Five places to go in Portland, Maine


For decades, drivers in Portland, Maine, sped by Thompson’s Point, a forlorn peninsula jutting into the Fore River just west of Interstate 295. Described as “the biggest dump in Portland” in the local independent monthly The Bollard in 2011, the area today is the city’s most unlikely hot spot. In 2015, a new outdoor concert space began staging shows on the riverbank; this past summer’s slate of 14 performances included Wilco, the XX and Alabama Shakes. And nearby, an abandoned warehouse has been transformed, with food-and-drink establishments alongside a cryptozoology museum and a circus school. One more reason to stop: a new ice skating rink open through March 4. 

Bissell Brothers  

In June 2016, this cult craft brewery relocated to an enormous facility with colorful murals splashed on the walls, steel tanks in the back and ample, two-level taproom seating. Expect lines out the door during releases of their hard-to-find, limited edition India pale ales, which attract fans from across the Northeast.  

4 Thompson’s Point #108; bissellbrothers.com

—  

Big J’s Chicken Shack  

Opened in August 2016 by acclaimed local restaurateur Jason Loring, this fried chicken joint serves chicken and waffles with Maine maple syrup and cayenne-doused, Nashville-style fried chicken so spicy that orders come with protective rubber gloves. It also operates a convenient takeaway window in the Bissell Brothers taproom.  

4 Thompson’s Point #107; bigjschicken.com 

—  

International Cryptozoology Museum  

The study of hidden animals is the focus of this unusual museum, which moved to this location in July 2016. Exhibits explore the pseudoscience of mythological creatures, such as Bigfoot, the Loch Ness Monster and the yeti.

4 Thompson’s Point #106; cryptozoologymuseum.com 

—  

Cellardoor Winery at The Point  

From pinot gris to pinot noir, a variety of varietals are poured at this tasting room, which opened in May 2016. Wines from the Lincolnville vineyard up the coast can be sampled by the glass or in tasting flights paired with cheese, crackers and charcuterie.  

4 Thompson’s Point #110; mainewine.com 

—  

Stroudwater Distillery  

Completing the neighborhood trio of beer, wine and spirits, this small-batch distillery opened in July 2016. In addition to producing vodka, gin, bourbon and rye, the distillery also has a tasting room with two bars, one pouring sampler flights and the other mixing cocktails made with the house spirits.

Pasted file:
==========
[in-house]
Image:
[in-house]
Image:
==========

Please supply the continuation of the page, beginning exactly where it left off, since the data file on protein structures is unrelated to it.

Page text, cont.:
4 Thompson’s Point #104-105; stroudwaterdistillery.com.


Reader Comments ...


Next Up in Travel

The thrill of victory and the agony of the feet

It's the time of year when people start thinking about getting in shape for summer vacation, usually with swimwear in mind. But I've found a more useful variation on the theme: Get in walking shape. With the ability to walk for hours (and hours), you can cover miles of city blocks, take in a day of Disney attractions or explore your supersize cruise...
Want to be a gastronaut? Let these tours lead the way

When it comes to consuming a culture, it’s hard to beat digesting it in the literal sense, which may explain the explosion of food-related trips.  From Texas to Turkey, food is a point of differentiation for many destinations and, according to the United Nation’s World Tourism Organization, food is helping drive tourism to rural regions...
Oregon couple reflects on 20-month, 18,000-mile cycling odyssey
Oregon couple reflects on 20-month, 18,000-mile cycling odyssey

BEND, Ore. — They had endured grueling climbs while crossing the Andes six times, relentless rain and wind, endless desert, vicious dog attacks, scary crashes and an agonizing bout with dengue fever.  So it is no wonder that when Bend’s Kristen and Ville Jokinen approached the end of their 20-month, 18,215-mile cycling journey in Ushuaia...
Made in Music City
Made in Music City

Bryce McCloud, zhuzhed up in a red neckerchief and matching red suede sneakers, sweeps through his Isle of Printing shop in Nashville’s Pie Town district, a melange of empty Cafe Bustelo canisters and posters that say “Invest in Kindness.” He switches on a Dorothy Ashby record for background music. “I just discovered her over...
Hosteling: Great for ‘youths’ of any age
Hosteling: Great for ‘youths’ of any age

Many travelers wonder: “Youth hosteling … can we still do that?” You can: Many hostels are filled with travelers well past their 20s — and age cutoffs are generally a thing of the past. Even the International Youth Hostel Federation has removed the word “youth” from its name and is now known as Hostelling International...
More Stories